Tasked with identifying a seemingly infinite variety of metabolites is intimidating at best. But through advances in mass spectrometry and big data, Fiehn is developing tools for researchers to categorize and share information about plant compounds. A proponent of open access to scientific data, Fiehn has created the MassBank of North America, a free digital repository of metabolite mass spectra. It works like a digitized field guide, providing researchers with insights into metabolite chemical structures.
“Other people can download the spectra, and next time they see the characteristics that match the profile, they can identify the metabolite,” Fiehn said. “It’s a little bit like a dictionary.”
But the database is just getting started. Since not all chemical compounds are readily available for profiling, Fiehn is exploring new methods to try to virtually predict the mass spectra of plant metabolites.
“Ultimately, we would like to predict the metabolic repertoire of plants just by examining their genome,” he said, noting that it’s an ambitious endeavor.
The tools and databases Fiehn and his colleagues are developing have many potential applications in biomedical and health research. When ingested, plant-produced metabolites pass through and are often stored in the human body, where they can have implications for overall health. Many chemical compounds responsible for the flavors and pigments of plants are known for their disease preventative properties.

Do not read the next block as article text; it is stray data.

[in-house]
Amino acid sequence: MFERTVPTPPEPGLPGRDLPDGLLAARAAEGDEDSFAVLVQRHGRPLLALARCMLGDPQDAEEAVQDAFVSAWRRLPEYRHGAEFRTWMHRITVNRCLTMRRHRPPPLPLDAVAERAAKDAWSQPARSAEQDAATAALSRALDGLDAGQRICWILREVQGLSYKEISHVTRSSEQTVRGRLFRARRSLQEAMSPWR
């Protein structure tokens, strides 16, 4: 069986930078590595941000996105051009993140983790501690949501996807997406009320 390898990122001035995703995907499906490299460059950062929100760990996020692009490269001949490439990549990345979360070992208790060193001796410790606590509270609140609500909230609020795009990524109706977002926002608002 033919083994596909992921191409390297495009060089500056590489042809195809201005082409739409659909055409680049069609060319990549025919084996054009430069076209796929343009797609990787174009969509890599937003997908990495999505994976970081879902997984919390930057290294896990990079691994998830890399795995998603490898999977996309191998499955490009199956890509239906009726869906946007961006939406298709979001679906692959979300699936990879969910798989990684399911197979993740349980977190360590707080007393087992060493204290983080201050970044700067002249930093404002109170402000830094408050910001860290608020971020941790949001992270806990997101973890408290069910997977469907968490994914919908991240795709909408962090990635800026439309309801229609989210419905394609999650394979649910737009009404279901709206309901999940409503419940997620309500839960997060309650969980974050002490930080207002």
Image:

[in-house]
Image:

“We specifically want to understand the impact of nutrition and disease, including the effects of microbiota changes,” said Fiehn.
Recognizing excellence in plant biochemistry
The resources from the Stumpf Professorship open the possibility of bringing more students interested in phytochemistry to his lab.
“We take our mission of research and education very seriously,” he said. “I usually have four to six undergraduate students working with me, for example, on secondary plant metabolite spectral libraries. We will now push forward with this theme and I would love to enroll students who would like to use informatics tools.”
“Oliver Fiehn’s work in plant metabolomics is driving a greater understanding of plant traits and how we utilize these characteristics to advance scientific knowledge,” said Mark Winey, dean of the College of Biological Sciences. “His research continues the passion and spirit of scientific inquiry that Paul Stumpf brought to plant biology.”
The Stumpf Professorship is awarded to a senior faculty member in the Departments of Plant Biology and Molecular and Cellular Biology whose distinguished scholarship is nationally recognized. The endowment will help support Fiehn’s research, teaching and service to the UC Davis community for the next five to seven years.
Established in 1999, the endowed professorship was formed by the late Paul K. and Ruth R. Stumpf. Paul Stumpf, a professor and founding father of biochemistry programs at UC Davis, pioneered the study of plant lipids and received many accolades for his contributions to the field. He was a member of the U.S. National Academy of Sciences and the Royal Danish Academy of Sciences, a fellow of the American Association for the Advancement of Science and was twice named as a Guggenheim Foundation Fellow, among many other accomplishments. Stumpf passed away on Feb. 10, 2007.